Plastik, Art & Science scientific journal
This is the launch of Plastik new website, a scientific journal I'm proud to be the head of publishing. This journal brings together and confronts the experiences of artists who enrich some of the most important current scientific debates from physics quantum theory and general relativity dilemma, ecology, sustainable development, to the nanotechnologies environmental, health and safety issues. To what extent do the artists contribute to the modification of our perceptions and knowledge? What impact can they have on the public awareness ? What attitudes do they develop in front of the new challenges thrown by the scientists? Here are some of the questions raised by Plastik journal.
Here is a selection of articles to discover :
In an interdisciplinary setting, participants from the fine arts, physics, design, biology, culinary arts and mathematics met to explore a two-fold project involving nano and haptics. Using methods that interlace macro- and nano-scale phenomena and technologies, we were able to develop a physical, embodied relationship to a world that is far beyond the direct sensation of touch and human interaction. During this three-year project, a core team of participants developed the following experimental approaches and methods: Aesthetic labs, Surrealist games, Nanofabrication, Infectious formgiving, Process video documentation and Performative staging. With access to nanofabrication laboratories, the team explored form using deposition and etching tools on the tip of a strand of hair as a physical, tangible point of departure. Creating tangible relationships with nano phenomena and creating token imagery makes these invisible parts of our world more accessible and workable on a wider and more visionary scale. Given the strict protocol in the NanoFabrication Center and the general principle of working flat and clean in such environments, the methods applied by the NanoForm project the haptic approach, the use of dirty human material in a sterile environment and above all the open-ended manner of searching and acting uncovered new territory and gave this project an extraordinary position in the nano research community.
“In art, and in painting as in music, it is not a matter of reproducing or inventing forms, but of capturing forces. For this reason no art is figurative. Paul Klee’s famous formula – ‘Not to render the visible, but to render visible’ – means nothing else. The task of painting is defined as the attempt to render visible forces that are not themselves visible.” G. Deleuze
Since 2003, the Cape Farewell project has led eight expeditions to the High Arctic aboard the schooner Noorderlicht. Over 60 artists and 18 scientists have witnessed and explored the reality of climate change and how it is affecting this wild and fragile ecosystem. The “creatives” have produced numerous artworks, novels, music and films with public facing works that have engaged the public worldwide, creating a new climate based language that brings the often-abstract notions of climate change into focus on a human scale. Drawing on the action-research programme of expeditions and commissions developed by this interdisciplinary arts organization Cape Farewell, this paper clarifies through artworks, the essential role of the cultural voice and it’s importance in motivating public action to mediate the dangers of climate change. We argue that a real cultural shift of values, beliefs, economies and ambition is required if we are all to avoid the dangerous consequences of global warming. The Cape Farewell project demands that we use our creative efforts towards achieving transformative action and accept the responsibility of the human role in this anthropocene age, a symbiotic partnership with natural forces.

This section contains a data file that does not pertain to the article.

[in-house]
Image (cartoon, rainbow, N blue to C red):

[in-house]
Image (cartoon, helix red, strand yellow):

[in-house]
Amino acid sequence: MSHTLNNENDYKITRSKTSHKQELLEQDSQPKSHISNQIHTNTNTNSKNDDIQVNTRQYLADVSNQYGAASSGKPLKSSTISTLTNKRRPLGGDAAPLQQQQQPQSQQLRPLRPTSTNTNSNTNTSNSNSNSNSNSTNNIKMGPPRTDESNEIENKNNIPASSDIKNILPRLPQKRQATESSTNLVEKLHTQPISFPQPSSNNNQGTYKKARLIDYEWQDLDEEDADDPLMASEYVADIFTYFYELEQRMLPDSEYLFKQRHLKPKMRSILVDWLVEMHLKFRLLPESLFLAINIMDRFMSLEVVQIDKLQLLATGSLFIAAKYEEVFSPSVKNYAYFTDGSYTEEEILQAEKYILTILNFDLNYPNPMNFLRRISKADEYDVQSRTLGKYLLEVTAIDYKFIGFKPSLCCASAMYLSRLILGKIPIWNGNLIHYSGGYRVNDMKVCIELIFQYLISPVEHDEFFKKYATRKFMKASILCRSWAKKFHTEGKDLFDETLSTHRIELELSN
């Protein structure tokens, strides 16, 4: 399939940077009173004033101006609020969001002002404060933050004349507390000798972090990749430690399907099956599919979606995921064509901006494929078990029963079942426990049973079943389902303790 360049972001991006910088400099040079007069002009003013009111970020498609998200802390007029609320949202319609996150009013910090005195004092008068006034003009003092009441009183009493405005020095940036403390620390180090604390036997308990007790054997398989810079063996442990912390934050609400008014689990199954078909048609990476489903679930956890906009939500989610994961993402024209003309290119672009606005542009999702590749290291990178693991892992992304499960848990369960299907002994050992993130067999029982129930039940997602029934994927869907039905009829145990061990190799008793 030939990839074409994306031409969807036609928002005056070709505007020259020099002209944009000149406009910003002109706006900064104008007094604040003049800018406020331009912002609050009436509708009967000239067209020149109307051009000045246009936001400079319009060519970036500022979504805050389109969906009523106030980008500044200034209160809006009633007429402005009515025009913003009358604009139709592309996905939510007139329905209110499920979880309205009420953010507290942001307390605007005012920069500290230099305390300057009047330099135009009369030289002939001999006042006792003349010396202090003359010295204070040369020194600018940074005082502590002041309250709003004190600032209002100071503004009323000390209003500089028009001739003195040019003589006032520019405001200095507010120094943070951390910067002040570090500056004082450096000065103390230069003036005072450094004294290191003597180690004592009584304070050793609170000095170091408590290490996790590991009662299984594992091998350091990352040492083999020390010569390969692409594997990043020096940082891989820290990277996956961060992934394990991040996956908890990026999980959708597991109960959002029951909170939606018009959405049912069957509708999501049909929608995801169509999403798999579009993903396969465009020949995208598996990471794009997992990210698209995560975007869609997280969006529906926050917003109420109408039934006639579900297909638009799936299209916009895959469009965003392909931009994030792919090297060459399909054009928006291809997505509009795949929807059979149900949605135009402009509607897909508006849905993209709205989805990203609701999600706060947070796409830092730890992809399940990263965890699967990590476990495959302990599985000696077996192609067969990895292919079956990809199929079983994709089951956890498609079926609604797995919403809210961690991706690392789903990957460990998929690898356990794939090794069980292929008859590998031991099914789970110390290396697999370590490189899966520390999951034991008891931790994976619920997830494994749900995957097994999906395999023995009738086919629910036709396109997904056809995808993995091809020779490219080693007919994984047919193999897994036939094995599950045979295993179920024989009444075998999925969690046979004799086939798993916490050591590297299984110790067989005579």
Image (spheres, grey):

The circumpolar Arctic cultural, ecological, geophysical, geopolitical and socio-economic Zones are recognized as one of the most dynamic components of planetary systems that are undergoing extreme transformation in a multitude of interconnected domains. The cultures that inhabit these Zones form an integral part of these transformative processes through constant adaptation that is integral to their survival and thriving. One of the International Polar Year (IPY 2007/2009) projects that later formed the basis of the Arctic Perspective Initiative1 (API) developments was the Interpolar Transnational Art Science Constellation2 (I-TASC, IPY 419), which was based on principles of participatory and open cultural, artistic, scientific, tactical media and technological exchanges on an interpolar (North/South) basis. The experiences in developing and deploying open technology systems, from community operated FM radio setups to long distance weather sensor networks in Antarctica and community discussions and consultations about autonomous communications and mobile habitation systems in Nunavut during the IPY, formed a solid basis for the establishment of the Arctic Perspective Initiative, an artist run long term program of engagement with the northern circumpolar cultural and natural ecosystems.
Since its 2008 inception, Laboratoria Art & Science Space has combined the trajectories of science and art through the initiation of joint projects for artists and scientists. The expedition organized by Cape Farewell in 2010 sparked our long-running interest in the Arctic, which has become a significant aspect of Laboratoria’s research.